There are different ways to examine non-running code. Perhaps the most basic is using regular expressions. These text strings look for patterns in lines of code to find flaws and potential points of exploit. One of the issues with using regex is that it is extremely slow as it searches through combinations of patterns for exact matches. It also does not provide context for the weaknesses that may help developers in supplying a fix. Because it is essentially only “searching” or “grepping” lines of code, it does not provide visibility into how the code performs when in use. While using regex can find irregularities in the code, it can’t determine whether it has discovered a bona fide vulnerability that requires attention. These are some of the many reasons regex testing should be just one part of a multi-faceted approach to analysis.
Data Flow Analysis
Data Flow Analysis is a much more resource-intensive method than regex. It is a deep and thorough examination of not just the code itself, but the way code works. Data flow analysis tracks how data flows through the application, from when it is input by the user to the point where it is passed through different statements or blocks of code to affect the data, and finally to the output. Used along with rules, this helps to spot injection and encoding problems (like XXS) and can assist in verifying that privacy requirements are being enforced.
Control Flow Analysis
Control Flow Analysis goes beyond the code itself to inspect the operational sequences involved. For instance, authentication may be required before a user can access a certain service or function. Some of the operations that control flow analysis covers include opening and closing resources, validating session IDs, and ensuring secure cookies.
Checkmarx Static Application Security Testing uses all three methods to provide fast and accurate incremental or full scans needed to secure applications. It allows users to fine-tune their AppSec solutions to boost the accuracy of alerts so that it builds developer trust. See Checkmarx SAST in action by watching this short video on SAST source code scanning.
Limitations of SAST Tools
As powerful as SAST is in finding vulnerabilities in code, it can’t do it all. There is still some follow-up work in interpreting the results of the static code scans. A big part of this work is in determining false positives — and false negatives. Using an application testing tool that supports presets allows users to customize scans for each application being scanned and reduces the number of false positives. Take a look at Checkmarx SAST’s use of Tailored Presets and Custom Queries for more details.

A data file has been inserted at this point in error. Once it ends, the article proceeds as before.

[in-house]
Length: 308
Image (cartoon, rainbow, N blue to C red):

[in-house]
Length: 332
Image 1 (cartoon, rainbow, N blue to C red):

SAST also relies on rules configured to the specific architecture and program, and it won’t be able to identify new bugs and vulnerabilities without these rules in place. This is where a complete application security testing platform or AppSec platform comes in.
Dynamic Application Security Testing
Some vulnerabilities can only be detected in a real-world situation during an actual attack. This is why additional layers of testing are needed. Dynamic Application Security Testing or DAST scans code for vulnerabilities while it is running, but before it is pushed live. All an attacker needs is to find that one flawed piece of code to compromise the system. The automated DAST runs as part of the CI/CD process to ensure apps are scanned at runtime before being pushed to production. Users can create a new environment and include the URL they want to try to compromise. This provides a holistic insight into the lifecycle of the code. DAST can flag potential vulnerabilities such as injection attacks, authentication issues, and session management flaws.
Building Trust Increases Security
t only takes one vulnerable piece of code to open the door to an attack or breach. These events can cost a company millions of dollars a year, including changes or loss of data, regulatory fines, and damage to its customer trust, reputation, and brand.
Organizations that place a premium on security use static code analysis security as part of a cloud-native application security platform like Checkmarx One in its development pipeline. When used along with a comprehensive solution, this complete application security testing platform is an organization’s first line of defense against cyberattacks.